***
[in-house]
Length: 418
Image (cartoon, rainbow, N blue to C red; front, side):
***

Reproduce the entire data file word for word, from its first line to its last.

[in-house]
Length: 418
Image (cartoon, rainbow, N blue to C red; front, side):